Discovering the rainforest, reef and ruins of Honduras

By Donna DeGaetani
This article appears on page 44 of the March 2018 issue.

A section of Cocalito Beach near Jeanette Kawas National Park.

As a dedicated Road Scholar (Boston, MA; 800/454-5768, traveler, I keep up with the company’s new travel opportunities. The “Honduras: Rainforest, Reef & Ruins” tour was a new one in 2017. 

Admittedly, the country has a bad rep — primarily relating to violence resulting from the drug trade — but Honduras is a wonderful country that is worthy of adventure travelers who want value and a nontouristy destination. 

I was on Road Scholar’s September 2017 tour, and I never felt unsafe nor threatened. In fact, my fellow travelers and I experienced just the opposite: a country of friendly people who were proud of their diverse heritage and were working to create a safe, ecological and educational travel experience. 

There were six other women on this trip, and all of us were interested in something new and different in travel. My tour price of $2,494 included airfare from Los Angeles. As with most Road Scholar trips, hotels, day trips and most meals were included. 

For extras (beer or other drinks, small tips and incidentals), I spent the equivalent of $100 during the eight days in the country. Quite a bargain in today’s travel market! 

The sites

Gardens at Hotel Marina Copán.

There were four destinations included on the 8-day itinerary: San Pedro Sula, where we originally landed, followed by Copán (Mayan ruins), Tela (to explore its “banana republic” heritage) and, finally, the island of Roatán, the entrance to the area’s famous coral reef, an expat community and a diver’s paradise. Each site was significantly different. 

Wi-Fi access was included at all of our hotels, and electrical plugs were American style.

Our guide, Rodolfo (Fito) Alvarado, was there from the group’s landing to our final takeoff. He was, throughout, a fountain of knowledge on the Mayan culture and ruins, the rainforest and the history of Honduras and was an expert on the flora and fauna of his beloved country. He also made himself always available for our needs and questions.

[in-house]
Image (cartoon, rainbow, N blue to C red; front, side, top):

If Mayan culture and history is your passion, the visit to Copán on this tour may add little if you have already visited other Mayan sites, but if it’s your first such visit, it is a manageable introduction. 

The banana industry’s history in Tela was interesting, documented with photographs, a rail system and a museum. While bananas are still grown there, the palm-oil industry is taking over. 

A highlight of our tour was the island of Roatán, where we stayed at the Turquoise Bay Dive & Beach Resort for three nights. Built on a hill overlooking the bay, the hotel featured rooms that were large and comfortable, with wonderful views. It is located at one end of the island, necessitating transportation to see other parts of the island. The food there was the best we had on our trip, as was the service. 

A few highlights from our time there include snorkeling and visits to the Carambola Botanical Gardens, the Institute for Marine Sciences on Anthony’s Caye and Mayan Eden Eco Park.

On the mainland, the hacienda hotel Marina Copán was a wonderful choice, with lush gardens to stroll through and a pool to cool off in. Lunch at the restored Hacienda San Lucas, a century-old farmhouse, provided great food, spectacular views and a short hike to Los Sapos, a Mayan ceremonial site. 

The highlight in Tela was a boat ride to the peninsula and Jeanette Kawas National Park for a rainforest walk and a beachside lunch of fish caught and cooked by the local inhabitants. 

A few final points

Donna with a tame white-faced capuchin at Maya Eden Eco Park.

We traveled during the rainy season (August to December) and were quite lucky, experiencing rain mostly at night, but that is not always the case. Fall is also hurricane season. February to June is generally the best time to visit. 

While hotels on this trip were numerous and accommodating, highways were not always so. We traveled in a tour bus, and some main stretches of road were poorly maintained; encountering potholes was common. 

But these downsides should not keep anyone interested from exploring this developing Central American country, which is full of beauty, history and friendly, inviting people.